Zeinab Caption
Zeinab, an MSF patient support and education counsellor holds a nutrition session for diabetic children

5 – Food insecurity 

A fundamental part of managing diabetes is also managing diet and therefore blood sugar. However, when food may be scarce, or events such as conflict have caused the cost of everyday staples to rise – for example in Yemen – then maintaining regular meal times and reliable portions can become incredibly difficult. 

A treatment kit for patients with type 1 diabetes including a glucometer and glucometer strips, needles, insulin among others. Caption
Some of the medical tools required to manage diabetes - including insulin, syringes and a glucose monitor - belonging to an MSF patient in Kenya

6 – Needles, syringes and waste 

Along with access to insulin itself, the problem of finding and affording the bundle of tools required – like needles, syringes and monitoring devices – can be challenging. Even with a reliable supply, keeping these vital items clean, and disposing of them safely, is also difficult – especially for patients who have been forced from their homes or now live in camps.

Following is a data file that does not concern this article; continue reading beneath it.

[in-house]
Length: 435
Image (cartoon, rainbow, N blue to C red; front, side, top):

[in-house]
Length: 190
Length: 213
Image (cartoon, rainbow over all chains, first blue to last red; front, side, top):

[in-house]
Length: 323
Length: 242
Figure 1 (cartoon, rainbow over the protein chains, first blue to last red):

Home insulin programme - Abyei - South Soudan Caption
Clay pots with a layer of charcoal can be used to keep insulin at a steady temperature, enabling patients to take a month's supply of insulin home

7 – The fridge myth 

In many places, daily temperatures can far exceed the recommended storage range for insulin. Normally, insulin is stored in a fridge, but this is an issue when a person doesn’t have one – either due to poverty, limited power or because they have been forced from home. Instead, patients will often make multiple journeys a day to reach a healthcare clinic, costing time, money and potentially their safety. However, from experience, we know simple alternative storage solutions (such as basic clay pots) can provide a way of maintaining cool and stable temperatures to store insulin for some time.